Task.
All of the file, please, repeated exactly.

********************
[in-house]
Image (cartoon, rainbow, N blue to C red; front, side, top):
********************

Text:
[in-house]
Image (cartoon, rainbow, N blue to C red; front, side, top):